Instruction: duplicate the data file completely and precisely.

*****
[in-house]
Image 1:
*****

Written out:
[in-house]
Image 1: